An Examination of Americans’ Knowledge of Section 230, Perceptions of Its Reform, and Internet Regulations

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About This Project

We aim to explore Americans’ literacy of their First Amendment rights and Section 230. Furthermore, we investigate whether such knowledge impacts their stance on reform, their perception of online platforms’ liability, and their likelihood to engage in reform-related civic activities.

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What is the context of this research?

"No provider or user of an interactive computer service shall be treated as the publisher or speaker of any information provided by another information content provider."
These 26 words of Section 230 of the 1996 Communication Decency Act, often dubbed "the 26 words that created the internet," shield internet platforms from legal responsibility for user-generated content. Section 230, along with First Amendment protections, have propelled the internet to become one of history's most remarkable spheres for free expression. While Section 230 indeed fueled digital expression and democratization, its broad protections, which were construed in a bygone era of naive techno-optimism, now clash with social media's potential for harm such as youth mental health, misinformation, and even violence.

What is the significance of this project?

Under Section 230, troubling content, including revenge porn, sex trafficking materials, and malicious gossip, often finds safe harbor on social media. Within debates surrounding Section 230, however, the voices of ordinary citizens whose lives and rights are directly impacted remain largely unheard. As virtual spaces become primary avenues for social lives, Americans need to understand Section 230 and its potential impacts.

Our findings can provide the current state of foundational knowledge and civic education about Section 230, which is seldom investigated yet considered one of the most essential internet policies in the US. They can be used to develop activities or policies for formal (e.g., schools) and informal education (e.g., organizations) for diverse learners.

What are the goals of the project?

An online survey will be conducted on a nationally representative sample to examine (1) the level of education, both formal and informal, Americans receive about the First Amendment and Section 230, (2) Americans' knowledge of First Amendment rights and Section 230 protections, and (3) how these knowledge would predict Americans' awareness of the discussions about Section 230 reform, support for/opposition of a reform, support for (stricter) regulations for online platforms, and civic engagement related to their support/opposition. We aim to include at least 1,000 participants from a survey panel (e.g., Prolific). In terms of data analysis, we generally take a two-step structural equation modeling (SEM) analytic approach. See our structural model.


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We look forward to recruiting a census-representative sample of about 1,000 Americans from CloudResearch Prime Panel. All of the money raised will be used to pay the panelists. We have been actively seeking external funding opportunities, but found no luck thus far.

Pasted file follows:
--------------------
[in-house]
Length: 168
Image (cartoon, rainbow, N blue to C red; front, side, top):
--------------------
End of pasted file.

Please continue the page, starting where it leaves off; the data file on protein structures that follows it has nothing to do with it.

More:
Endorsed by

I’m excited for this project’s potent to shape the narrative/conversation around the future of Section 230 in the US.
In today's digital age, the debate surrounding Section 230 of the Communications Decency Act has become increasingly important. This research abstract provides a comprehensive analysis of Americans' understanding of Section 230, their opinions on potential reforms, and the broader issue of internet regulations. By shedding light on these critical aspects, the abstract offers valuable insights into a complex and timely topic.

Project Timeline

We have already received IRB approval for our study. As soon as we can get financial support, we will reach out to the panelists to collect the data. Data collection, analysis, and presentation can be done in about a month.

Mar 9, 2024: Presented our extended abstract at the 2024 AEJMC Southeast Colloquium.

Apr 1, 2024: Submit the manuscript to the 2024 AEJMC (National) Conference.

Mar 26, 2024

Project Launched

Mar 27, 2024

Get enough funding to collect data.

Apr 01, 2024

Submit the manuscript (with a pilot survey sample) to be presented at the 2024 AEJMC (National) Conference.

Apr 15, 2024

Complete the manuscript (with a national representative sample).

Apr 20, 2024

Submit for publication.

Meet the Team

H. Dat Tran
H. Dat Tran


Manship School of Mass Communication, Louisiana State University
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Uyen Diep
Uyen Diep


Louisiana State University
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H. Dat Tran

H. Dat Tran is currently a doctoral student in Media and Public Affairs at the Manship School of Mass Communication at Louisiana State University. His research focuses on political communication, particularly political polarization and political hostility in online environments; the meme culture and the participation of internet memes in political discourse; emerging media; and journalism, media, propaganda, and political and civic engagement in countries in the Global South. Dat has been a journalist and communication professional since 2013. He received his Master of Science in Mass Communications from Kansas State University in 2021.

Uyen Diep

Uyen Diep is a doctoral student at the Manship School. She has practiced (for almost 10 years) and researched (for four years) journalism. Her research agendas also include media literacy (e.g., fact-checking, media knowledge), social media, and political communication.

Lab Notes

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  • 4Backers
  • 6%Funded
  • $225Total Donations
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